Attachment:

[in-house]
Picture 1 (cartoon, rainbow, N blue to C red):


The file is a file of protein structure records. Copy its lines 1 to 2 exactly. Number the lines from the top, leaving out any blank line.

[in-house]
Picture 1 (cartoon, rainbow, N blue to C red):